Real Talk: Post-Grad Depression and Comparison Culture

Long time no blog. Truthfully, I was going to stop blogging altogether and shut down The Clothing Statement…but then my yearly subscription got automatically charged again–– so we’re back! Since graduating last May, I’ve reflecting a lot about my college years, who I’ve become, who I want to be, and what my future goals are. Truthfully, it’s been a lot of journaling, struggling, crying, and getting back on my feet. Graduating college is something I thought I wanted to just get over with, but due to the pandemic I wasn’t able to have a real graduation ceremony and never got to *really* close that chapter in my life. Those that follow me on Instagram might’ve seen this post where I talked about having somewhat of an identity crisis after graduation. Many commented or DM’d me saying how much they resonated with my struggles, so I wanted to continue the dialogue and provide a bit more vulnerability with y’all surrounding this topic in a blog post.

First, let’s talk about post-grad depression*. It’s commonly found in recent graduates and is usually rooted in anxiety and fear of the unknown. Graduating college should be a happy occasion, but with finishing that chapter in your life, you’re also forced to begin thinking about whether you’ll succeed or not as a “real adult.” Will you be good at your job? Will you be able to afford living on your own? Will you be able to pay your bills on time? There are so many things to worry and stress about as an adult. You may also feel like your progress is delayed in comparison to your fellow classmates or friends. Why can’t I look like her? Why don’t I make as much money as him? When will I be able to buy a car like them? Loneliness, unfamiliarity, and self-doubt – these are all factors that contributed to my post-grad depression.

Scrolling Facebook and Instagram, I saw so many of my peers posting announcements about their recent engagement, purchase of a house, new career, and the list of achievements goes on and on… Meanwhile, I felt stuck and felt weary due to the lack of progress. Don’t get me wrong, I had already secured a full-time job prior to graduation which was such a blessing, but the pandemic pushed my start date back. At the time, I didn’t even know when I’d be able to work. So while waiting for my start date, I kept comparing myself to my peers and feeling insecure about my entire life.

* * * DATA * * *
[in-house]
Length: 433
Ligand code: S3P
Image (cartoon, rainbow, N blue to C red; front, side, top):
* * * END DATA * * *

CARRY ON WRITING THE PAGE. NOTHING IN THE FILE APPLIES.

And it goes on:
After a period of sitting in my own gloom and doom, I learned one of my biggest life lessons: someone else’s accomplishment is NOT my failure, my time will come. With this newfound realization, I started to focus on my own blessings and practiced gratitude, unfollowed people and accounts that made me feel insecure about myself, and filled my inner circle with people who made me feel truly empowered. Doing these things saved me from my post-grad depression and tendency to participate in comparison culture (well, for the most part. I’m only human).

I may no longer be Hamy the college student, but I am Hamy the young adult who now knows her worth. If you’re someone who feels stuck in life, I assure you, you’re not alone. We tend to focus only on ourselves and don’t realize that everyone has their own struggles and that we’re all making it up as we go. Be kind to yourself, do not compare your life to someone else’s, understand that your time will come, and remember that nobody else has a fucking clue what they’re doing anyway. Continue to feel pain and discomfort as you learn to navigate the unknown. With darkness comes light and with discomfort comes growth.

*Disclaimer: I am not a professional, this blog post is entirely about my own experience with post-grad depression. Please seek professional help if you believe you have depression and/or anxiety.

2 thoughts on “Real Talk: Post-Grad Depression and Comparison Culture

Leave a Reply

Fill in your details below or click an icon to log in:

WordPress.com Logo

You are commenting using your WordPress.com account. Log Out /  Change )

Google photo

You are commenting using your Google account. Log Out /  Change )

Twitter picture

You are commenting using your Twitter account. Log Out /  Change )

Facebook photo

You are commenting using your Facebook account. Log Out /  Change )

Connecting to %s